US quidditch leagues to change name in effort to break from JK Rowling

Harry Potter’s favorite sport, quidditch, is to receive a new name in the US, in part because its leaders are critical of the “anti-trans position” of the fictional wizard’s creator JK Rowling.

Two leagues that operate the sport in the US also cite trademark issues for their decision for the rebranding.

The term “quidditch” – a game played by teams on broomsticks chasing balls of various sizes called quaffles, bludgers and the golden snitch – is trademarked by Warner Bros, the studios that brought Rowling’s blockbuster book series to the big screen.

The leagues say they will “conduct a series of surveys over the next few months to guide a decision on the new name”.

“Quidditch is at a turning point. We can continue the status quo and stay relatively small, or we can make big moves and really propel this sport forward into its next phase,” Mary Kimball, executive director of US Quidditch, said in a statement.

In its announcement, coordinated with rival Major League Quidditch, the organization points the finger at what it sees as the author’s intolerance of gender-equality issues.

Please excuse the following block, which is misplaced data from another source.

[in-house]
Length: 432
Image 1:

“The leagues are hoping a name change can help them continue to distance themselves from the works of JK Rowling, who has increasingly come under scrutiny for her anti-trans positions in recent years,” the statement says.

Rowling’s stance on diversity and transgender issues has been analysed since at least June 2020, when the 56-year-old author posted a series of tweets appearing to take aim at transgender activism.

After a backlash, Rowling posted a lengthy explanation of her views in an essay on her website, which also revealed she had suffered from sexual and domestic abuse in her twenties.

The essay prompted further reaction. Later that month, four authors resigned from Rowling’s literary agency, accusing it of refusing to issue a public statement in support of transgender rights.

Neither Rowling nor her agents, the London-based Blair Partnership, immediately returned requests from the Guardian for comment on Monday.

The sport of quidditch has grown in popularity since featuring in the Harry Potter novels, and is played in numerous countries under the jurisdiction of the international quidditch association.

In contrast to the airborne game played by Potter and his friends at the Hogwarts School of Witchcraft and Wizardry, ground-based quidditch involves two teams of seven players clutching broomsticks and chasing the balls around a hockey-sized field.

Previously touted as a possible Olympic sport, quidditch teams are mixed. The leagues’ statement says: “Our sport has developed a reputation as one of the most progressive sports in the world on gender equality and inclusivity, in part thanks to its gender maximum rule, which stipulates that a team may not have more than four players of the same gender on the field at a time.”